multiple prefixes

Lorenzo Colitti lorenzo at
Wed Feb 13 02:05:52 CET 2013

On Wed, Feb 13, 2013 at 3:27 AM, Doug Barton <dougb at> wrote:

>> An example I have direct experience of is the code that does connection
>> establishment libjingle, used by Google video chat. Being able to rely
>> on the fact that the IPv6 address assigned to your interface is, in
>> fact, your IPv6 address greatly simplifies the code. By comparison,
>> firewall traversal is trivial.
> Fair enough, but I live in a world where that issue has already been
> addressed, with multiple different solutions available.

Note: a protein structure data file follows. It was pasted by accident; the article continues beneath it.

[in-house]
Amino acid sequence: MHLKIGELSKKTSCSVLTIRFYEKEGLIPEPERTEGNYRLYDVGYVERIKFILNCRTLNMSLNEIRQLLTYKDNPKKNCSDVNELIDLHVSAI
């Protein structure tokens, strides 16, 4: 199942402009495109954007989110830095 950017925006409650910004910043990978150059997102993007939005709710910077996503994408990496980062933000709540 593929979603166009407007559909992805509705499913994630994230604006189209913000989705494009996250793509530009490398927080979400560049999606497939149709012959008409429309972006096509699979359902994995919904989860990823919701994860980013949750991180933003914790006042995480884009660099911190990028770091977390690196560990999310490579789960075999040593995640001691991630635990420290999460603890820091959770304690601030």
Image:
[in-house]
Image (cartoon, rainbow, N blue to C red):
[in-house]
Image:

Even if there is code available, you're still talking about development and
testing cost (and decreased reliability in corner cases), in all non
client-server applications, forever. It doesn't have to be that way.

Would life be easier if such solutions were not necessary? Sure! Are we
> ever again going to live in a world where they are not? Nope.

I disagree. Here's an alternative scenario: enough of the userbase of these
applications has non-NPTed IPv6. There is insufficient incentive for the
developers to support NPT. Thus, NPT is not supported by the majority of

Since you use today's NATed IPv4 world as an example, here's an example
from that world of apps that don't bend over backwards to work everywhere:
AFAIK Skype (arguably the app with the best workaround) doesn't work behind
networks that don't allow TCP or UDP connections to the outside world but
only use HTTP proxies. Technically, it could probably be made to work
behind an HTTP proxy by implementing tunneling over HTTP, but it doesn't.
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